4-41. The most effective way to control external bleeding is by applying pressure directly over the wound. This pressure must not only be firm enough to stop the bleeding, but it must also be maintained long enough to "seal off" the damaged surface.
4-42. If bleeding continues after having applied direct pressure for 30 minutes, apply a pressure dressing. This dressing consists of a thick dressing of gauze or other suitable material applied directly over the wound and held in place with a tightly wrapped bandage (Figure 4-2). It should be tighter than an ordinary compression bandage but not so tight that it impairs circulation to the rest of the limb. Once you apply the dressing, do not remove it, even when the dressing becomes blood soaked.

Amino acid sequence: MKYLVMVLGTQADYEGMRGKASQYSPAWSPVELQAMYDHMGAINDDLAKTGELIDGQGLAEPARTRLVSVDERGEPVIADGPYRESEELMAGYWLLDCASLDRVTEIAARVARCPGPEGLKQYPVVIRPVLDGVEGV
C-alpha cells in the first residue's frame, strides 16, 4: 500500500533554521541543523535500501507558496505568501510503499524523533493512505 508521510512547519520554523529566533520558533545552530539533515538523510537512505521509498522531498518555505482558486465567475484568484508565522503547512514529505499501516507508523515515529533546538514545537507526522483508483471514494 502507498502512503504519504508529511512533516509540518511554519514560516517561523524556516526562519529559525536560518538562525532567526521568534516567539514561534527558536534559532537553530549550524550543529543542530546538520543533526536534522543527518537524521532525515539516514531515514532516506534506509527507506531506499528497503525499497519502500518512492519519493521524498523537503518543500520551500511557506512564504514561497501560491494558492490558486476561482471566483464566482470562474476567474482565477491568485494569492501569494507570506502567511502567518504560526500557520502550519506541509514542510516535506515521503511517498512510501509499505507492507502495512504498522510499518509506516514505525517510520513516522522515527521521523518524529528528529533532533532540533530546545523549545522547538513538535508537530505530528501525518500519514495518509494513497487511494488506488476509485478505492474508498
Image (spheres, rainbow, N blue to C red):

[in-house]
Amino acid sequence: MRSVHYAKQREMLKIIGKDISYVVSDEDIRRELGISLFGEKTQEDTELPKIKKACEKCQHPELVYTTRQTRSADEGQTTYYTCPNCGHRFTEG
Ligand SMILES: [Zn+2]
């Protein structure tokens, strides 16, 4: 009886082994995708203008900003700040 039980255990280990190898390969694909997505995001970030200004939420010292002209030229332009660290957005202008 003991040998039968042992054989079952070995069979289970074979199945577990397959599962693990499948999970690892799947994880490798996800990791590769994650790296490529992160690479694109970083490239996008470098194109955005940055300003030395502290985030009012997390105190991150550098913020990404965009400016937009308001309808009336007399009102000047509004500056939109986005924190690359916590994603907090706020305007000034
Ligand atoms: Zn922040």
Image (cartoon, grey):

Figure 4-2. Application of a Pressure Dressing
4-43. Leave the pressure dressing in place for 1 or 2 days, after which you can remove and replace it with a smaller dressing. In the long-term survival environment, make fresh, daily dressing changes and inspect for signs of infection.